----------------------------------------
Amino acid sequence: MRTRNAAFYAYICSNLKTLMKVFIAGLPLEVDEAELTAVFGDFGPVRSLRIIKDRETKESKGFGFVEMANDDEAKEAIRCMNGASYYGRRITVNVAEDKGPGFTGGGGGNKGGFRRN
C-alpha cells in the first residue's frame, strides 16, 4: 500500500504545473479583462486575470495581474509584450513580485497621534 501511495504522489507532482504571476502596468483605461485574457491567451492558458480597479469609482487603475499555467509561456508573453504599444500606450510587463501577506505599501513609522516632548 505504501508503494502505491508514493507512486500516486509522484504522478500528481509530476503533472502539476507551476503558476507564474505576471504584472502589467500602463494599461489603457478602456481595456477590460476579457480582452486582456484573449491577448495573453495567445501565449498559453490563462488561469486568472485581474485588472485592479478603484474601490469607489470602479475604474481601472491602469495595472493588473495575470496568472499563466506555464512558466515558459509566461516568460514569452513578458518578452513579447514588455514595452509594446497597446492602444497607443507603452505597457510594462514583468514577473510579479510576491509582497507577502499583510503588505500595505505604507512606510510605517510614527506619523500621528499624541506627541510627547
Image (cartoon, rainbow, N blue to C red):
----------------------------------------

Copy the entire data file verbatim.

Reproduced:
Amino acid sequence: MRTRNAAFYAYICSNLKTLMKVFIAGLPLEVDEAELTAVFGDFGPVRSLRIIKDRETKESKGFGFVEMANDDEAKEAIRCMNGASYYGRRITVNVAEDKGPGFTGGGGGNKGGFRRN
C-alpha cells in the first residue's frame, strides 16, 4: 500500500504545473479583462486575470495581474509584450513580485497621534 501511495504522489507532482504571476502596468483605461485574457491567451492558458480597479469609482487603475499555467509561456508573453504599444500606450510587463501577506505599501513609522516632548 505504501508503494502505491508514493507512486500516486509522484504522478500528481509530476503533472502539476507551476503558476507564474505576471504584472502589467500602463494599461489603457478602456481595456477590460476579457480582452486582456484573449491577448495573453495567445501565449498559453490563462488561469486568472485581474485588472485592479478603484474601490469607489470602479475604474481601472491602469495595472493588473495575470496568472499563466506555464512558466515558459509566461516568460514569452513578458518578452513579447514588455514595452509594446497597446492602444497607443507603452505597457510594462514583468514577473510579479510576491509582497507577502499583510503588505500595505505604507512606510510605517510614527506619523500621528499624541506627541510627547
Image (cartoon, rainbow, N blue to C red):